The political blender

I would very much like to solve the following mystery: What is it that happens to people who get involved in politics — and more to the point, Greek politics? It?s as if — how can I put this? — they get into a powerful blender and turn from regular people into what Angelos Vlachos used to describe as pieces of malleable dough bitten by thousands of small fish. I?ve seen this happen over and over again. I remember, for instance, a businessman whose appointment in a recent administration had aroused plenty of expectation. The hope was that there would be no arbitrary arrangements or political favors, but methodical labor on his part that would enable business. Instead, we witnessed the rapid transformation of a serious man into the archetype special-favors politician with desperately old-fashioned perceptions and a glaring absence of common sense. Whatever happened to the man everyone knew and respected? No one ever managed to figure it out, while what caused the biggest surprise was the way he stopped meeting with businessmen out of fear of being misunderstood or appearing in the pages of some second-rate rag.

Students remember exemplary university professors who lectured in amphitheaters, teachers whom they loved and respected. They too disappeared into the political blender in their all-consuming efforts to satisfy every single one of their interlocutors. Education, and moral and intellectual standards all disappeared as if by magic, in the name of getting the vote at the ballot box. Clearly political party mechanisms of clientelism are unimaginably leveling, capable of destroying every last bit of original thinking, sound judgment and professionalism. They can addle the brains of even the most serious of people, who, instead of coming up with solutions to the issues they are supposed to handle, end up touring local festivals and cafes.

The country, however, needs people who can solve problems. It has already paid a high price as a result of useless mayors who were unable to fill in applications for European Union funding and government ministers who erased from their minds all that they had learned in real life and became political party accessories. How can this be? One way to avoid this in future would be to apply an incompatibility clause regarding deputy and ministerial capacity, allowing prime ministers to appoint as ministers people who enjoy prestige and have experience without necessarily putting them through the ballot box test. Another way would be by increasing the number of deputies elected through lists, so that parties can make the best of capable people who might not have passed the test when confronted with extreme populism in a television studio.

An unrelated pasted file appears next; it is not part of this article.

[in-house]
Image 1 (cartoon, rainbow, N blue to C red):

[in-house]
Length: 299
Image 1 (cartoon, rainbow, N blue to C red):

A solution ought to be found in any case. We are paying a heavy price for the taboos we ourselves created. In other countries, an experienced person can alternate between the public and private sectors. In Greece, however, everybody starts yelling and protesting, as if politicians and the accompanying political apparatus are spotless and devoid of special relationships with vested interests.

Unfortunately very few serious people are willing to get involved in politics right now. The money is bad, the risk is enormous, while the profession?s reputation leaves a lot to be desired. Without fresh faces and professionals in crucial positions, though, we are not going to get very far. The parties who wish to govern us ought to find these people, persuade and inspire them, be in a position to pay them for dealing with government work and be able to protect them from the swarm of bugs which will try to undermine them right from the start. And before I forget, they should also come up with a vaccine which will protect them from the virus which has turned hundreds of serious folk into unrecognizable petty politicians.

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